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Picturing a World

Marie-Victoire Jaquotot

Marie-Victoire Jacquetot, the artist who was commissioned by Napoleon to paint a Sèvres tea service for Empress Josephine Bonaparte, came to my attention recently when that very tea service was acquired by the Clark Art Institute in Williamstown, Mass. Much of what I could find about the artist comes in Marie-Victoire Jaquotot (1772-1855), « premier peintre sur porcelaine du roi » Louis XVIII, a post (in French). Luckily for those who don't read the language, the post has many illustrations, including enlarged details of this self-portrait and a picture of the set acquired by the Clark.

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Zinaida Serebriakova

Website alert: Zinaida Serebriakova (1884–1967) was born in Kharkiv, Ukraine; studied art in St. Petersburg; and was active in France. Oh, that we all could be international in our outlook! Wikiart has a gallery of 415 of her works, including one I love for its subject and tonalities, In the Studio Braz.France (1906).

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Margit Selska

Blog post alert: I plead being as ignorant of Ukrainian artists as the next person, but a post, Women in Ukrainian Art: Blank Spots in Ukrainian Art History at the Wilson Center's Internet Encyclopedia of Ukraine, has given me a way to begin learning about them. In this case Marit Selska (1903–1980). She was born in Lyiv; studied in Cracow, Vienna, and Paris; escaped the Holocaust (though most of her family perished); and had a productive career after WWII. I chose this image for its blue and yellow Ukrainian colors and for the thoughtful introspection on the subject's face. Would that the choice of a hat and personal stories were all that Ukrainians—and the world—had to worry about today!

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Ethel Pennewill Brown Leach

Couldn't this image prompt a story about being a female student in Paris early in the 20th C? The Japanese print on the wall. The young woman's serious expression. A pen ready to take notes. The coat worn indoors against the cold (when I was a student in Aix-en-Provence, we had heat from a stove for only two hours a day). A jug of flowers—always remember: tuppence a week for beauty. Ethel Pennewill Brown Leach is new to me and maybe not a major find; but both she and her student are reminders that, yes, art and literature and learning matter. For more of her work, click here.

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Bring-backs and takeaways

Okay, now I'm even closer to finishing a problematic short story than I was earlier this month when I wrote Out of the Woods. What has given me new energy to get to "The End" is a new question: What does the main character bring back?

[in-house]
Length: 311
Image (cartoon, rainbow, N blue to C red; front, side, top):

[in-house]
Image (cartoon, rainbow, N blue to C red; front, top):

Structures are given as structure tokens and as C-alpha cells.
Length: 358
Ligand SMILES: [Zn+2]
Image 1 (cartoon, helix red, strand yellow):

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Miereke Nelissen’s Oz

Just as appealing as Miereke Nelissen's animals are her illustrations for The Wonderful Wizard of Oz—or more precisely for De tovenaar van Oz. Lisabeth Zwerger's version may have influenced Nelissen. Certainly Zwerger made clear that a modern sensibility can work wonders divorced from more traditional variations on W. W. Denslow's first-edition illustrations (see, for example, those of Scott Gustafson and Michael Hague and 25 more).

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Necessary readers

Well, I've sent the manuscript of my fantasy novel to four writer friends. I expect encouragement (after all, they are my friends). What I hope for are probing questions, comments, and criticisms to guide me toward strengthening the story.
 
Of course, it's asking a big favor to request someone to read the manuscript for a whole novel, especially a first draft. Sometimes we're reluctant to make such a demand even for a shorter piece, especially since work never seems to live up to the excitement of first inspiration. That's where writing buddies come in: we read each other's work because we know that putting it out there is a necessary part of living in the arts. It's important to friendship, moreover, to keep up with what matters most to people dear to us. That's one reason I love this picture by Catherine Chaloux.

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Lucretia in a frame

Blog post alert: The History Blog's post on the Getty acquires rediscovered Artemisia Gentileschi Lucretia reports on the recent sale of this painting at auction for $5.3 million. Women painters, the historical injustice of attitudes toward rape victims, and the mysteries of the art market are all serious subjects unto themselves. But what caught my eye was—the frame!

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Tiny gallery

Website alert: A Guardian article, Honey, they shrunk the art … top artists create works for tiny gallery features this abstract painting by Fiona Rae. Hurrah! She's new to me, and the project by the Pallant House Gallery is delicious to anyone who loves scale-model miniatures—including, of course, Queen Mary's Dollshouse, which was part inspiration for the current project.

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Sija Hong and dragons

Serendipity delivers again. No sooner had I read Maria Dahvana Headley's exhilarating new translation of Beowulf, with its dragon fight, when up pops this splendid illustration of a different one by Sija Hong in Monstrous Tales: Stories of Strange Creatures and Fearsome Beasts from Around the World (2020). According to her website, the artist is "is a Chinese award-winning illustrator based in New York City." She is wholly new to me, and very appealing. Check out her website for more of her work. (Yeah, and, bro/sis, check out Beowulf, too.)

 

Via Lines and Colors.

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